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Last Updated
June 2023
4 Mha
Committed area to restore by 2030
23.7 %
Tree Cover
600 Kha
Under restoration

Ms Mabel Emmanuel
AFR100 Focal Point, Nigeria

Mr. William Etim Okon
AFR100 Communication Focal Point, Nigeria

Projects in Nigeria

Our Approach


Steps to Success

Stakeholder involvement

Nigeria has established LDN working group and this include the following: (i) Senior government officials who are engaged in policy making and implementation of sustainable land management from the Office of the President on the Sustainable Development Goals (SDG); (ii) The various Ministries of Agriculture, Environment, Forestry, Mining, Transportation, Urban Development, etc., at both State and National levels; (Iii) Specific agencies and departments like the Department of Drought and Desertification, the Federal Department of Forestry, the Climate Change Agency, the Department of Erosion and Flood Control, the Federal Department of Agriculture, the Departments of Land Resources, Power, Works and Housing, and the National Bureau of Statistics and National Planning; (iv) Universities and other research institutions involved in Land Management and Agriculture, etc. v. Major International and Development partners such as UNDP, World Bank, FAO, IFAD, JICA; (vi) The National Assembly, Security agencies, International and Local NGOs were included and leveraged for effective implementation of LDN in Nigeria.

A coordinating mechanism/platform

To better coordinate implementation of the LDN targets cross sectors, a coordination mechanism/ platform will be established to further develop comprehensive tools for data collection, analysis as well as reporting. The LDN working group will form teams of facilitators and advisors to the coordinating team. Land restoration is the responsibility of all of us; many players including government, bilateral agencies and countries, UN, private sectors, CSOs and communities. It goes beyond administrative and social boundaries  

Capacity building

The strengths, weaknesses, opportunities and threats to implement the UNCCD in relation to LDN in Nigeria are considered. The national focal point and the working group members organize series of capacity building trainings to increase knowledge in landscape restoration, sustainable use of natural resources as well as in monitoring the progress being made to address the weaknesses in order to fully achieve LDN by 2030. 
The capacity building in key national and state institutions related to erosion and watershed management is also on the priority list of training programme in Nigeria. 


Implementation of the Land Degradation Neutrality requests for a strong partnership and close collaboration of the relevant stakeholders. The Government of Nigeria will coordinate the partnership through direct engagements of the partners in order to sustainably achieve the LDN targets for the country. The country has already taken bold steps to halt land degradation and desertification, and under AFR100 partnership, the government hopes to meet its Nationally Determined Contributions, Land Degradation Neutrality targets and the Economic Recovery and Growth Plan of Nigeria.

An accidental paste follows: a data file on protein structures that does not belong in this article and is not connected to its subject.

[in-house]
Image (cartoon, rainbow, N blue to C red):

The Federal Government of Nigeria appreciates the effort and contribution of the private sector to the development of the country, especially in the area of their social responsibility. Land degradation is a serious and enormous problem that government alone cannot tackle as it affects life, food and livelihood of the people. It is on this note that the Government of Nigeria calls on the private sector and other stakeholder to contribute to the efforts to achieve LDN by 2030.

Key Milestones

  • Nigeria’s Agriculture Promotion Policy 2016-2020
  • National Mining Policy

Our Vision

Nigeria envisions to achieve LDN by 2030 as compared to 2015 (no net loss) and improve an additional 20% of the national territory (net gain). 

Priority Interventions: 

  • Change the narrative on forest and land degradation in a country with a very high population growth rate and pressure on the land due to agriculture, housing and urban development, industrialization and transportation among others.
  • Restore and revitalize the ecological productivity of land, water and agriculture for sustainable livelihoods. 
  • Strengthen regional collaborations, expand opportunities for funding, research and capacity development to engage a broad spectrum of stakeholders in achieving restoration on the ground.
  • Secure and improve livelihoods of millions of households in the drylands where excessive land degradation threatens the ability to cope with the effects of climate change.
  • Achieve the total elimination of natural resource-based conflicts arising from land degradation, especially due to over-grazing and other unsustainable land management practices, which have been a major driver of clashes across the country.
  • Accelerate economic diversification and industrialization by improving the socio-economic situation in Nigeria through re-awakening forest-based industries for employment, poverty reduction and wealth creation.
  • Explore wider opportunities for engagement with the private sector to move Nigeria’s forest and landscape restoration agenda forward.
Our Vision
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